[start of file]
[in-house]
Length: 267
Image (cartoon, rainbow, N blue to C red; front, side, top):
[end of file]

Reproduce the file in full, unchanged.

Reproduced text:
[in-house]
Length: 267
Image (cartoon, rainbow, N blue to C red; front, side, top):